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‘The In-Between, Vol. 1’ OGN (review)

Written by Shane Roeschlein 
Art by Dean Kotz
Published by Insight Comics

 

In what may be a first for me, I found the actual solicitation for a book a lot more forthcoming and interesting that the actual book itself. The solicitation tells us that a spaceship appears in Earth’s orbit, firing a beam of energy that causes ripples in space-time. Supposedly.

The In-Between Volume 1 focuses on two agents for the Terror Management Agency, Gann and Somerfield.

Somerfield is the gruff, experienced agent. Gann is the fresh faced agent.

Together, they find themselves in a strange town in the Mojave Desert. A strange woman appears out of the skies, and walks into the town only to spontaneously combust.

With local law enforcement being uncooperative, the agents wander into the desert to investigate.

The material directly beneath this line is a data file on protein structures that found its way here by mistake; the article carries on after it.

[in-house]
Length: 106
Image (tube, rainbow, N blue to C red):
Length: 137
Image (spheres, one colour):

Only to find themselves in deep trouble facing a giant monster.

Meanwhile, their boss at the Terror Management Agency, located in Manhattan in the shadows of the never fallen Twin Towers, travels to a California research facility. A research facility investigating strange signals. An alternate universe featuring the Twin Towers still standing was a novel concept in the first season finale of Fringe. Way back in 2009.

In 2022, the idea just made me yawn and find out where Fringe is currently streaming.

This collection is listed as Volume 1, but the story feels so incomplete. It really is a case where a Volume 1 should include more story to give you a complete narrative.  What is available gives me very little interest in following this story any further. The mystery as laid out is not compelling. The characters feel one dimensional, with hackneyed dialogue to go with it.

The solicitation states “These rips expel torrents of reality-distorting energy and are used by malevolent entities to travel between dimensions.”

So that’s what’s happening here.

The best thing that I can say about this book is that Dean Kotz’s art feels as if anything can happen. There is a monster attack scene that pops off the page as creepy and messy. His art as a cartoony feel, yet captures the darkness in the certain scenes.

If you like your collected volumes to tell a full, coherent tale, even if they left some threads dangling for a future volume, The In Between Volume 1 is not for you.

Ultimately, it’s an empty story lacking characters.

 

 

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